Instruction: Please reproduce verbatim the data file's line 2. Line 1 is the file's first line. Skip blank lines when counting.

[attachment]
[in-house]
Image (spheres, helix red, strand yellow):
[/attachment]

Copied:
Image (spheres, helix red, strand yellow):